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Humanism For Sale
Making and Marketing Schoolbooks in Italy, 1450-1650

Paul F. Gehl



During the fifteenth century, Europeans witnessed the triumph of the cultural movement we call humanism. Very soon thereafter, however, the educational program of the humanists began to decline in status from a cultural near-monopoly into a strongly held but increasingly minority point of view. These events transpired almost entirely in print; they represent a struggle that played out in publishing houses and bookstores as well as in classrooms. This book relates a small but important part of the humanist adventure, the story of how the humanists sold their program to the public through educational publishing in Italy across the long sixteenth century (ca.1450 to ca.1650).

Since publishers and booksellers had so much to do with the success of the humanist educational program in schools and in cultural life more generally, I call my study Humanism For Sale. I realize that this title directly challenges one of the most cherished and persistent of humanist commonplaces, that learning cannot be bought and sold. Still, it seems a particularly appropriate way to describe the market for Latin textbooks. Throughout late-Renaissance Europe, largely similar products packaged for use in highly standardized curricula jostled for sales by advertising connections, real or imagined, with the greatest humanist celebrities. My title also points in the direction of the future of educational publishing. Latin-trained intellectuals constantly had to resell the elitist ideals of humanism to a broad public of politicians, churchmen, and businessmen. Marketing was increasingly a key to literary success.

The book proceeds topically, discussing a few textbooks and writers in some depth and treating many others briefly because they were typical of certain kinds of pedagogical needs and market considerations. An introduction describes the methodological issues and exemplifies the kinds of voices that offer evidence for textbook making and use. Chapters one and two exemplify the fate of classical and medieval school authors as they evolved into print textbooks. Chapter three follows the career of a single humanist teacher and author of textbooks. There follow two chapters devoted to specific portions of the market for textbooks by non-Italian authors. They tell the complex story of a generalized resistance in the Italian market to Northern authors even as Italian publishers took advantage of the fame of these same humanists to advertise Italian textbooks. The two final chapters concern the future of textbook publishing in the sixteenth century. They treat the growth of vernacular teaching texts and the new genre of the emblem book. Books of these sorts took their start from the moral and intellectual ideals of humanism but quickly evolved into harbingers of a European culture that was nationalistic, expansionistic, and less elitist than Latin education had ever been. (A detailed table of contents with section heads appears on every screen of the on-line text.)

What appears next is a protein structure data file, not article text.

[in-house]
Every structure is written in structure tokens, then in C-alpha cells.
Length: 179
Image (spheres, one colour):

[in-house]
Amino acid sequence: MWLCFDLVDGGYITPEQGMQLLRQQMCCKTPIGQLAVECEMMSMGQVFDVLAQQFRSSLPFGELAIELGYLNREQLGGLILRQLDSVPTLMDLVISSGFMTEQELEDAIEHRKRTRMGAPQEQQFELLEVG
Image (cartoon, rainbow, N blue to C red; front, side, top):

As a whole then, Humanism for Sale moves from the "translation" of traditional manuscript schoolbooks into print toward their replacement in some fields by books with other goals and concerned with subjects the humanists did not stress. I have confined my study to educational publishing and so have not written a history either of publishing or of education. But the field in which these two histories intesect has broad implications for our understanding of the Renaissance -- not in its origins, but in its future, that is, in the way it evolved into a European cultural norm.